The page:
Game Gear

Review by Matt Paprocki



Graphics: 7

Sound: 10

Gameplay: 8

Overall: 9


Music can truly make a video game. Not just make it better; it can be an integral part of the game. Case in point: Shinobi. So few Game Gear games have soundtracks that just make you want to continue on through the game, but Yuzo Koshiro pulled off a small miracle here. The gameplay isn't that bad either.

Following in the footsteps of the Genesis sequels, Shinobi puts you in control of the venerable Joe Musashi, one of those ninja-types. Four levels are selectable from the start, and much like Capcom's Mega Man games, how you choose is almost as important as how you play them. After completing each stage, another colored ninja becomes available, each with their own special maneuvers. They can be selected on the fly during the stages via convenient pause menu. Certain power-ups can only be reached by specific ninjas. There never really is a RIGHT way to play through this one as the power-ups and other items are scattered over all the stages.

Each level is accompanied by a specific theme, each of them great enough to fall into the classic category. This is truly important as this game is BRUTALLY hard and sometimes your only incentive is to hear Yuzo's music once more. Even if you complete the first four stages, the fifth and final one (split into countless smaller segments) is cheap enough at times to fling the portable into a wall. Still, the music keeps right on going, pulling you into the game for "just one more turn."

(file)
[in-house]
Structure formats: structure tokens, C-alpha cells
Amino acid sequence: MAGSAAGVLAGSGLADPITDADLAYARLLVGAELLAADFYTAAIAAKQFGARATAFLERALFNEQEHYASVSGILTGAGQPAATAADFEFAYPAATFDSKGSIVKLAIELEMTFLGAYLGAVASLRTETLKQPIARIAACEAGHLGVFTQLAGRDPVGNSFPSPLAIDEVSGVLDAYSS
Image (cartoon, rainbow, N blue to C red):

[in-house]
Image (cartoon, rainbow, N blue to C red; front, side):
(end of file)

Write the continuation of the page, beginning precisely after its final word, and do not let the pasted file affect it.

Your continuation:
Even the graphics, though occasionally riddled with annoying flicker, help bring the entire package together. Certain stages are littered with outstanding color and Musashi looks very close to his larger console partner. The only real problem is that you'll occasionally be stuck on a ledge and not be able to see if it's safe to drop, but these instances hardly effect the overall package.

Quality platformers really were a rare breed back in the days of Shinobi. So many cheap licensed games, failed attempts at new mascots, and a general lack of originality really pulled the entire genre down a notch or two. Hence why it's so refreshing to be treated to a game like Shinobi. The insane difficulty level may put off a few "less than seasoned" gamers, but every time you play, you'll get just a hint farther. Oh, and it's one of the few Game Gear games where using headphones is tolerable.

Just want some of the tunes? Hold up and 2 at the titles screen and press start.


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Last updated: Sunday, October 02, 2005 08:28 PM